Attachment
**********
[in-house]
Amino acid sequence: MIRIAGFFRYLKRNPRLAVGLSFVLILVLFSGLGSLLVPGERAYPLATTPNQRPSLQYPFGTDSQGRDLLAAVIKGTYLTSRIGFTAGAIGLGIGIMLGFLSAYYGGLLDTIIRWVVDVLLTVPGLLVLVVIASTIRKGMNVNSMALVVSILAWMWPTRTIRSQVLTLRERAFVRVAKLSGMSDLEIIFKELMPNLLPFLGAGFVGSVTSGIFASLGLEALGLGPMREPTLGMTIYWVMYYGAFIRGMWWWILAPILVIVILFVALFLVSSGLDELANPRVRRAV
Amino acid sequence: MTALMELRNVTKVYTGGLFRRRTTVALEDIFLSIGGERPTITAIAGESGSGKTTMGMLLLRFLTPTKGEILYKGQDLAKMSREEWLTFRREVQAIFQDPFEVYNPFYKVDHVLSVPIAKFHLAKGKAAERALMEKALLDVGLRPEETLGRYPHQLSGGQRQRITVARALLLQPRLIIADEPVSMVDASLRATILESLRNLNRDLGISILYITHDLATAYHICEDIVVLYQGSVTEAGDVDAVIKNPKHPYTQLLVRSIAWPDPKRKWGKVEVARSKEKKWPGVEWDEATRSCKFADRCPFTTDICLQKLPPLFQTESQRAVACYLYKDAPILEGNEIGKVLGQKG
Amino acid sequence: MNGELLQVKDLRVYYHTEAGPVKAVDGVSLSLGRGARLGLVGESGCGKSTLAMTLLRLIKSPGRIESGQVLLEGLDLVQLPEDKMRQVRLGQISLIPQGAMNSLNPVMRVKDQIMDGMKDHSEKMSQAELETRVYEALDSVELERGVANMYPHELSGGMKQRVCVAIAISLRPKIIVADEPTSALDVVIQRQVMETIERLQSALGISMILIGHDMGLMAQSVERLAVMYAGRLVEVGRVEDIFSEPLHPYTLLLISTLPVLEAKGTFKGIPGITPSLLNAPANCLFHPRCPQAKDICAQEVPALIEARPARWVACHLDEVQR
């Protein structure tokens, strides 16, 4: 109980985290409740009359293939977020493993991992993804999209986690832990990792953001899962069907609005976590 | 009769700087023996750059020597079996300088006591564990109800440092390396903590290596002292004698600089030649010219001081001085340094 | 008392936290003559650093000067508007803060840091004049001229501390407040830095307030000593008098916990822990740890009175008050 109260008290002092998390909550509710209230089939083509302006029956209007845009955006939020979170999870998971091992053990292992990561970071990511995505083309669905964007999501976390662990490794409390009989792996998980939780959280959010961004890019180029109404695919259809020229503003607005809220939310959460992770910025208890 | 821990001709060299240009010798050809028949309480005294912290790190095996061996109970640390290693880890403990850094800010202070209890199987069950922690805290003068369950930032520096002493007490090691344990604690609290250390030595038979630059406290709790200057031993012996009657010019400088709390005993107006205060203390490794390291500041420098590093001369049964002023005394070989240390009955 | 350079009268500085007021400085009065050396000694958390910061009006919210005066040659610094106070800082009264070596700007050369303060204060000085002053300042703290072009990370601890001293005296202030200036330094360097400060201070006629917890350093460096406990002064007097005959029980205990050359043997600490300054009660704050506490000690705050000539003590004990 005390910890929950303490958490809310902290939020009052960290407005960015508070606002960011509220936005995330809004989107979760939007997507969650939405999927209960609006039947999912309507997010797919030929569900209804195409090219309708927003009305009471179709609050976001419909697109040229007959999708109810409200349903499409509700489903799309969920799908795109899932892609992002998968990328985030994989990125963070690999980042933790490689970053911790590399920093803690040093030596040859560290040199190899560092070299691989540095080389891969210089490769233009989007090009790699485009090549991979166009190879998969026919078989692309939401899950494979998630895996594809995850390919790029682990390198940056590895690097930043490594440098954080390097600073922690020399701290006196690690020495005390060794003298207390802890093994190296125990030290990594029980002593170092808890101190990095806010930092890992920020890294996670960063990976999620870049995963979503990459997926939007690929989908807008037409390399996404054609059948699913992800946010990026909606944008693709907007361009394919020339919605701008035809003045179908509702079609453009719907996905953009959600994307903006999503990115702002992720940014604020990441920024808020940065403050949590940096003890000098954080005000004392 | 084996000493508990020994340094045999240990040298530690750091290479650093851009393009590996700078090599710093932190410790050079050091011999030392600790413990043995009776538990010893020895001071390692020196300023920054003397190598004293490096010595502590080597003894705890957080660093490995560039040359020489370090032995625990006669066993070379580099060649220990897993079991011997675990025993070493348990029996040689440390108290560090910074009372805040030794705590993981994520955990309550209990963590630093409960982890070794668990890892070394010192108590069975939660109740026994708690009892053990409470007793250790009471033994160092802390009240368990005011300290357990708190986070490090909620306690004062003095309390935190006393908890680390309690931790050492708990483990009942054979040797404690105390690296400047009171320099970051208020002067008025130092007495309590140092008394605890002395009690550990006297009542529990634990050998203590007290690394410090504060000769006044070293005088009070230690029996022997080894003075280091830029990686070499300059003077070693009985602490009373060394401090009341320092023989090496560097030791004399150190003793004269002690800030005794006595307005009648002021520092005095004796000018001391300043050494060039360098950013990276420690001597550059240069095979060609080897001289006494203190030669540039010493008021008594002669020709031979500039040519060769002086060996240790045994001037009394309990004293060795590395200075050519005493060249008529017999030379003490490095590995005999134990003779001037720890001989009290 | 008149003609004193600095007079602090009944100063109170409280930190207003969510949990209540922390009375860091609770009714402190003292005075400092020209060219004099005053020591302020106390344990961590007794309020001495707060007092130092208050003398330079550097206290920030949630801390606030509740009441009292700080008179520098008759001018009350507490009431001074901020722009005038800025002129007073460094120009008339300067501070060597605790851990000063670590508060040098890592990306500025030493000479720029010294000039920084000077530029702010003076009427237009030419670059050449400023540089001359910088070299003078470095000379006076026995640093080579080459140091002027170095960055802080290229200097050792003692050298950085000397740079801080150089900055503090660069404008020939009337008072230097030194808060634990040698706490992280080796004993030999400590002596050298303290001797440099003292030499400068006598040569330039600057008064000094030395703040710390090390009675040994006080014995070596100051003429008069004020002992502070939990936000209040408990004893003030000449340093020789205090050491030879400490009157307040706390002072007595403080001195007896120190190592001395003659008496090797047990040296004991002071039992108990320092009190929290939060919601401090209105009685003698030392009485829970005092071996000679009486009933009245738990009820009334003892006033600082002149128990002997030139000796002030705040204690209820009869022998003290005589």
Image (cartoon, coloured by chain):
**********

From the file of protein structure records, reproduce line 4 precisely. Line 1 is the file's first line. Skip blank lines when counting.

Amino acid sequence: MNGELLQVKDLRVYYHTEAGPVKAVDGVSLSLGRGARLGLVGESGCGKSTLAMTLLRLIKSPGRIESGQVLLEGLDLVQLPEDKMRQVRLGQISLIPQGAMNSLNPVMRVKDQIMDGMKDHSEKMSQAELETRVYEALDSVELERGVANMYPHELSGGMKQRVCVAIAISLRPKIIVADEPTSALDVVIQRQVMETIERLQSALGISMILIGHDMGLMAQSVERLAVMYAGRLVEVGRVEDIFSEPLHPYTLLLISTLPVLEAKGTFKGIPGITPSLLNAPANCLFHPRCPQAKDICAQEVPALIEARPARWVACHLDEVQR